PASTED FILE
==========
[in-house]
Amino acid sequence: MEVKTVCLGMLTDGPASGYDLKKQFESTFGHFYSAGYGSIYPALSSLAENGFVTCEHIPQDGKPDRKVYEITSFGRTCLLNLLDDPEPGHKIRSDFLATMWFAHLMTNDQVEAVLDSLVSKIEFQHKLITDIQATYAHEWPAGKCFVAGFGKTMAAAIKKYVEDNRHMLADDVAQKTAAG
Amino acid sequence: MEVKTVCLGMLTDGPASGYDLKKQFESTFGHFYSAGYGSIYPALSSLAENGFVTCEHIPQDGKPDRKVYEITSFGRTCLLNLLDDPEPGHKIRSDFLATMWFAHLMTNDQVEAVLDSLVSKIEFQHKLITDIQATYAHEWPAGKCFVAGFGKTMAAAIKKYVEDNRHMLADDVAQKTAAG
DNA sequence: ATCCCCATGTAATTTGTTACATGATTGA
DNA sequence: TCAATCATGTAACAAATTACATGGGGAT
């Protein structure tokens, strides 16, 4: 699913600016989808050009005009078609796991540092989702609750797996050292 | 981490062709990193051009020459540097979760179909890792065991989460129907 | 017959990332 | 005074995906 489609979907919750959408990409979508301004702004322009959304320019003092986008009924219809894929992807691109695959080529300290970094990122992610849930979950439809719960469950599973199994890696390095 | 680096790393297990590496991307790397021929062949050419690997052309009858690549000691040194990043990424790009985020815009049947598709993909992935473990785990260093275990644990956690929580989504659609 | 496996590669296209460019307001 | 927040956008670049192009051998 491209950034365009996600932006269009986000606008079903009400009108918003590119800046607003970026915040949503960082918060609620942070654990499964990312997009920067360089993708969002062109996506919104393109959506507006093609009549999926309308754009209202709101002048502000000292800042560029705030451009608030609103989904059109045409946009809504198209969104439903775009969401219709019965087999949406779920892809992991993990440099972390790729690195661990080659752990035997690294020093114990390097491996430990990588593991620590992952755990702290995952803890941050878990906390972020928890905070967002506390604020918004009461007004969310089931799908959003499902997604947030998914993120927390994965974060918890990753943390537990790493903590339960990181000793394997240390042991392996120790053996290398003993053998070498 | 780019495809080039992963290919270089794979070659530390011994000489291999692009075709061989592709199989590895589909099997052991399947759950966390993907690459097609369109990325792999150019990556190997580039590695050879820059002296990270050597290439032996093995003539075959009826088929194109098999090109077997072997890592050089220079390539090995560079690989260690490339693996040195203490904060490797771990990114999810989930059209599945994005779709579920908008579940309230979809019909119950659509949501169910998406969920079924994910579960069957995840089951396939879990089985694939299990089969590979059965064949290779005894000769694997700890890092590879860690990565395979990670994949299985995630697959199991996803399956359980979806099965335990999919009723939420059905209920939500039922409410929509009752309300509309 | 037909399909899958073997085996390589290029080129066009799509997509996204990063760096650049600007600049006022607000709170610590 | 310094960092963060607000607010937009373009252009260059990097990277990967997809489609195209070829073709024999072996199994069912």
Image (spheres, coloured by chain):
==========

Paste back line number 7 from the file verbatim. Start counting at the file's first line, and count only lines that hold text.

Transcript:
Image (spheres, coloured by chain):